What needs to be remembered is that there can be varying reasons why certain events are not spoken about. Newman says, “Silence may arise from the very notoriety of the facts in questions…Or it may proceed from fear or disgust, as on the arrival of unwelcome news; or from indignation, or hatred, or contempt, or perplexity, as Josephus is silent about Christianity.” Maybe documents were lost, such as the example with the shorter Epistles of St. Ignatius.
The Reformers and their followers at first did not believe in the Mass or the “sacramental virtue of Ecclesiastical Unity,” saying that the earliest Christians did not hold to those teachings. Yet, now those objectors have been put to rest with the finding of the Epistles of St. Ignatius.
Sometimes the reason there is silence is because of the environment not being suitable. For, “Christians were not likely to entertain the question of the abstract allowableness of images in the Catholic ritual, with the actual superstitions and immoralities of paganism before their eyes.” That would have to be a later development when paganism was not so rampant around them that the uneasiness with images would be forgotten.
Infallible protector of Revelation
All of these examples of development and the objections which come to it point to the need of an infallible guide, the Church. Imagine trying to sort all of this out without one. No Council of Nicaea to decide which Church Father to follow regarding the deity of Jesus Christ. There needs to be an authority who can speak for God when “faced with competing interpretations of divine revelation.” Otherwise, many issues would result. Newman put it well,
"If things are left to themselves, every individual will have his own view of them, and take his own course; that two or three will agree today to part company tomorrow; that Scripture will be read in contrary ways…that philosophy, taste, prejudice, passion, party, caprice will find no common measure, unless there be some supreme power to control the mind and to compel agreement."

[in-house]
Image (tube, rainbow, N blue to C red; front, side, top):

That is what occurs within Protestantism. Even though the notion of infallibility would not have been proclaimed at first in the early Church, it would have been a hidden implication that became clear over time.
Do doctrines always follow the correct path of development, or could there be corruptions? That is where the Church comes in, who decides what is true development of teaching from Christ or not. How do the people of God, “defend the reasonableness of the Church’s determinations” though?
Newman gives seven guidelines to use when measuring any particular teaching. They are, as Dr. Matthew Levering summarized, “preservation of type, continuity of principles, power of assimilation, logical sequence, anticipation of its future, conservative action upon its past, and chronic vigor.” What was originally given to the Church by Christ and the apostles should develop over time in a straight line.
There are many, many facets to development of doctrine. The fact is, every idea undergoes development, for every idea has certain implications not seen originally. Different events bring out different aspects of the idea; it is similar to the example of a family. Newman writes,
“Relatives often live together in happy ignorance of their respective rights and properties, till a father or a husband dies; and then they find themselves against their will in separate interests, and on divergent courses, and dare not more without legal advisers.”
John Henry Newman. Essay on the Development of Doctrine. Garden City: Image Books, 1960.
John Noonan. The Church That Can and Cannot Change. Notre Dame: University of Notre Dame Press, 2005.
Matthew Levering. Engaging the Doctrine of Revelation. Grand Rapids: Baker Academic, 2014.
Thomas Scheck. Origen and the History of Justification. Notre Dame: University of Notre Dame Press, 2008
The Holy Bible RSV - CE. San Francisco: Ignatius Press, 2005.